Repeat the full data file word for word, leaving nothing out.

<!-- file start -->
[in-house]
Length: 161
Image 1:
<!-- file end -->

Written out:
[in-house]
Length: 161
Image 1: